The production company, 3-Legged Dog Media + theater group, operates 3ld art & technology center, the 1000 person capacity art space, performance venue and integrative technology lab. 3-Legged Dog is a community-oriented and artist-run production development studio for emerging and established artists and organizations that create large-scale experimental artworks of all kinds. From our home 3LD Art & Technology Center in Lower Manhattan, 3LD has built an unrivaled talent magnet, drawing artists from around the globe to New York to create large-scale, immersive and technology-driven projects in New York City. Since opening in 2006, we have hosted thousands of artists through our 3LD Residency Program, offering a unique experience with 24/7 access to specialized equipment, flexible space and expert knowledge, as well as the desperately needed time to fully realize their visions. www.3ld.org
Backstage: "Lindsay Mendez Joins Broadway’s ‘Carousel’ + More New York Theater News"
Lindsay Mendez Joins Broadway’s ‘Carousel’ + More New York Theater News (Backstage)
On Broadway and beyond, a curtain can rise as quickly as it can fall; a star can be swapped as easily as Bernie Telsey can say, “That’s enough.” Theater is the beating heart of New York show business and, if you want to make it here, it’s crucial you’re up to date on incoming projects, latest castings, and other industry news. Don’t worry, Broadway baby, Backstage has your back. Every week, we’re rounding up the can’t-miss stories no thespian should live without, so you can focus on important matters like hitting your high F. Curtain up and light those lights!
Mendez steps in for Wolfe.
Following the somewhat shocking news that Betsy Wolfe would depart the forthcoming Broadway revival of “Carousel” after her casting was announced, the golden age tuner has found its new Carrie Pipperidge. Lindsay Mendez, who has played Elphaba in “Wicked” on Broadway and was most recently seen in last season’s play, “Significant Other,” has joined the cast along with Tony nominee John Douglas who will be playing the Starkeeper. They round out an ensemble led by Tony winner Jessie Mueller and Tony nominee Joshua Henry. Previews begin at the Imperial Theatre Feb. 28, 2018.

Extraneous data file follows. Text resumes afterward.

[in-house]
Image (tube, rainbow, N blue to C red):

Casting shakeup showers “Meteor Shower.”
Another casting shakeup that’s rocked the Great White Way: Just weeks before its first preview performance on Nov. 1, Steve Martin’s “Meteor Shower” has seen previously announced cast member Alan Tudyk replaced by Tony nominee Jeremy Shamos. Tudyck leaves the production due to “creative differences,” departing a cast that includes Laura Benanti, Amy Schumer, and Keegan-Michael Key. The comedy will play a limited engagement at the Booth Theatre.
Broadway is about to get Rocked.
“Rocktopia,” a live concert event combining rock songs with classical music, is heading to Broadway. The brainchild of recording artists Rob Evan and Maestro Randall Craig Fleischer, the show will play the Broadway Theatre March 20–April 29, 2018, and will star a bevvy of vocalists from the realms of theater, rock, and classical music including Evan, Chlow Lowery, Kimberly Nichole, Alyson Cambridge, and Tony Vincent.
“Pretty Woman” adds a man.
Ahead of its out of town tryout in Chicago, the Broadway-bound stage adaptation of “Pretty Woman” has added stage veteran Jason Danieley to the cast, in the role of Philip Stuckey (played in the film by Jason Alexander). He joins a cast that includes Tony winner Steve Kazee, Samantha Barks, and Tony nominee Orfeh, leading the production that will bow on Broadway at a to-be-announced Nederlander theater in fall 2018.
Young actors will get political.
Young actors Lilla Crawford (“Annie”) and Tony nominee Sydney Lucas (“Fun Home”) have been tapped for the forthcoming “American Scoreboard: The Trump Administration,” the latest in a series of political readings. This presentation, which will depict the confirmation hearing of Education Secretary Betsy DeVos, will be held at Pace University’s Schimmel Center Oct. 23, and will see Crawford as Senator Patricia Murray, Lucas as Senator Elizabeth Warren, Sam Poon as Senator Bernie Sanders, and Nicholas Barasch as Senator Al Franken.
Read the full article.
My Record Journal: "Castle Craig Players in Meriden holding 25th anniversary gala this month"
Castle Craig Players in Meriden holding 25th anniversary gala this month (My Record Journal)
MERIDEN — Castle Craig Players is celebrating 25 years of live theater with a two-night fundraiser gala next weekend.
The event, called “Let’s Start at the Very Beginning,” will feature the community theater group performing a medley of songs from past productions with some actors reprising their roles.
The official gala on Oct. 21 was capped at 50 people and has sold out, but the group added another event on Oct. 22, with a 5 p.m. reception, 6 p.m. performance, auction items and light snacks.